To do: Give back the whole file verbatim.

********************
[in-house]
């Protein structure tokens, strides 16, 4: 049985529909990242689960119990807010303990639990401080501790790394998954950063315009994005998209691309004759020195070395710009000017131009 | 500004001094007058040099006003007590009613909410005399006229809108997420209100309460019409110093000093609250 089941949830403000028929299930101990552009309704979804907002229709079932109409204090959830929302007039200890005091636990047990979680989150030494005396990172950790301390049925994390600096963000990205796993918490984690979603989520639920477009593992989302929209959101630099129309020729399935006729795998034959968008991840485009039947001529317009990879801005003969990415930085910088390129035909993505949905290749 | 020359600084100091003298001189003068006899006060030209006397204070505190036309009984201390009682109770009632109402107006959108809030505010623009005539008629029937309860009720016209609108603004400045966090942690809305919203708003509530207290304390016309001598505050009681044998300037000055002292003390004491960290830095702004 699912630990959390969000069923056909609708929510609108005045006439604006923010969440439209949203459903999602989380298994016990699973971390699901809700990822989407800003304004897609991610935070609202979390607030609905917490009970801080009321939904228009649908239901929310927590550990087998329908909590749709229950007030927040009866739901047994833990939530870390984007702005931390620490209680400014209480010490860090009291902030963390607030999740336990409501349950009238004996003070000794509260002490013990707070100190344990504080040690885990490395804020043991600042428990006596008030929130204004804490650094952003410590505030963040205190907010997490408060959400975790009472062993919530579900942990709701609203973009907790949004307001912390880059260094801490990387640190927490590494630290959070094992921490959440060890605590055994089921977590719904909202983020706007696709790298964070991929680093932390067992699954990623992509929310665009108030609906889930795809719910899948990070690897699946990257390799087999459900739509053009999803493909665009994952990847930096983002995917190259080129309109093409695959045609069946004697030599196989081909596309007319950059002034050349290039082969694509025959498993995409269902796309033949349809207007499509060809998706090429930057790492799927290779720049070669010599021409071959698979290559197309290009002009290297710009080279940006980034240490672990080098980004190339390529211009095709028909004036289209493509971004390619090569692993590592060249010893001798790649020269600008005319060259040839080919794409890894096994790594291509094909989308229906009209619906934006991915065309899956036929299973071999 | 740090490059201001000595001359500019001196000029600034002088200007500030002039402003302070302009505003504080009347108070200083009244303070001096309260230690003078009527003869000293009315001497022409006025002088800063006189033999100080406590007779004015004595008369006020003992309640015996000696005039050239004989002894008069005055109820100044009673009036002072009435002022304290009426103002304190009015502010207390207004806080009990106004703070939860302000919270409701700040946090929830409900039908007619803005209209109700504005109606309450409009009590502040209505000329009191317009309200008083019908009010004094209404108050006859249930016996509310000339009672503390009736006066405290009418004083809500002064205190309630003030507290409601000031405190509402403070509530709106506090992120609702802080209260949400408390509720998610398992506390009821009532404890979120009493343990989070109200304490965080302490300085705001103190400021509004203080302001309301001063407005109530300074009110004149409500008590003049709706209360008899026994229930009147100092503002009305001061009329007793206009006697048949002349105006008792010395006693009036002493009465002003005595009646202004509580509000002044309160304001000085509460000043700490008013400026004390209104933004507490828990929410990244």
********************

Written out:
[in-house]
């Protein structure tokens, strides 16, 4: 049985529909990242689960119990807010303990639990401080501790790394998954950063315009994005998209691309004759020195070395710009000017131009 | 500004001094007058040099006003007590009613909410005399006229809108997420209100309460019409110093000093609250 089941949830403000028929299930101990552009309704979804907002229709079932109409204090959830929302007039200890005091636990047990979680989150030494005396990172950790301390049925994390600096963000990205796993918490984690979603989520639920477009593992989302929209959101630099129309020729399935006729795998034959968008991840485009039947001529317009990879801005003969990415930085910088390129035909993505949905290749 | 020359600084100091003298001189003068006899006060030209006397204070505190036309009984201390009682109770009632109402107006959108809030505010623009005539008629029937309860009720016209609108603004400045966090942690809305919203708003509530207290304390016309001598505050009681044998300037000055002292003390004491960290830095702004 699912630990959390969000069923056909609708929510609108005045006439604006923010969440439209949203459903999602989380298994016990699973971390699901809700990822989407800003304004897609991610935070609202979390607030609905917490009970801080009321939904228009649908239901929310927590550990087998329908909590749709229950007030927040009866739901047994833990939530870390984007702005931390620490209680400014209480010490860090009291902030963390607030999740336990409501349950009238004996003070000794509260002490013990707070100190344990504080040690885990490395804020043991600042428990006596008030929130204004804490650094952003410590505030963040205190907010997490408060959400975790009472062993919530579900942990709701609203973009907790949004307001912390880059260094801490990387640190927490590494630290959070094992921490959440060890605590055994089921977590719904909202983020706007696709790298964070991929680093932390067992699954990623992509929310665009108030609906889930795809719910899948990070690897699946990257390799087999459900739509053009999803493909665009994952990847930096983002995917190259080129309109093409695959045609069946004697030599196989081909596309007319950059002034050349290039082969694509025959498993995409269902796309033949349809207007499509060809998706090429930057790492799927290779720049070669010599021409071959698979290559197309290009002009290297710009080279940006980034240490672990080098980004190339390529211009095709028909004036289209493509971004390619090569692993590592060249010893001798790649020269600008005319060259040839080919794409890894096994790594291509094909989308229906009209619906934006991915065309899956036929299973071999 | 740090490059201001000595001359500019001196000029600034002088200007500030002039402003302070302009505003504080009347108070200083009244303070001096309260230690003078009527003869000293009315001497022409006025002088800063006189033999100080406590007779004015004595008369006020003992309640015996000696005039050239004989002894008069005055109820100044009673009036002072009435002022304290009426103002304190009015502010207390207004806080009990106004703070939860302000919270409701700040946090929830409900039908007619803005209209109700504005109606309450409009009590502040209505000329009191317009309200008083019908009010004094209404108050006859249930016996509310000339009672503390009736006066405290009418004083809500002064205190309630003030507290409601000031405190509402403070509530709106506090992120609702802080209260949400408390509720998610398992506390009821009532404890979120009493343990989070109200304490965080302490300085705001103190400021509004203080302001309301001063407005109530300074009110004149409500008590003049709706209360008899026994229930009147100092503002009305001061009329007793206009006697048949002349105006008792010395006693009036002493009465002003005595009646202004509580509000002044309160304001000085509460000043700490008013400026004390209104933004507490828990929410990244």